- DMMS = dynamic-membership multiparty signature, i.e. an SPV proof. See the pegged sidechains white paper for details.
- Namecoin and BitShares are the example sidechains, but these could be any naming blockchain.
Okay, so here's how this would work:
example.bit is registered on Namecoin.
Control of example.bit is transferred to BitShares by locking the name in Namecoin and posting a DMMS to BitShares.
BitShares maintains a separate name database for different genesis blocks, so example.bit is still a .bit name, not a .p2p name (despite both being d/ namespace).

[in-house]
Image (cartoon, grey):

End users must have a Namecoin and BitShares client to resolve a .bit name that is controlled by the BitShares blockchain.
- Issue a renewal in BitShares. This is subject to miner fees in BitShares but not name fees.
- Post a DMMS of BitShares renewal in Namecoin. This is subject to miner fees and name fees.
- The BitShares DMMS must pass Namecoin name security rules, since it is a Namecoin name (name field has not changed, a la Michael Gronager's CoinSlayer attack).
- However, the BitShares DMMS need not pass Namecoin tx security rules, since it is a BitShares transaction (if BitShares is broken and the name is stolen, Namecoin will accept that reality).
- The renewal in Namecoin is effective from the most recent block with a timestamp before the timestamp in the BitShares block referenced by the DMMS. If the BitShares timestamp is invalid for the mining Namecoin block, then the DMMS is invalid.
Thoughts on this?